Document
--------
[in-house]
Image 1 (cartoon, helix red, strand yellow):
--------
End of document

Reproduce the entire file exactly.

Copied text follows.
[in-house]
Image 1 (cartoon, helix red, strand yellow):